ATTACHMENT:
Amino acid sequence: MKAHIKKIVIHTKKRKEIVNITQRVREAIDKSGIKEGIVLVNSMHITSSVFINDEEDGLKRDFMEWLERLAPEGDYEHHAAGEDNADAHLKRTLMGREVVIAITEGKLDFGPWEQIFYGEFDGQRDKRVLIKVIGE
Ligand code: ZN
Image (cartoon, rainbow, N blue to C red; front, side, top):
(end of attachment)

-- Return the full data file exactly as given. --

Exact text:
Amino acid sequence: MKAHIKKIVIHTKKRKEIVNITQRVREAIDKSGIKEGIVLVNSMHITSSVFINDEEDGLKRDFMEWLERLAPEGDYEHHAAGEDNADAHLKRTLMGREVVIAITEGKLDFGPWEQIFYGEFDGQRDKRVLIKVIGE
Ligand code: ZN
Image (cartoon, rainbow, N blue to C red; front, side, top):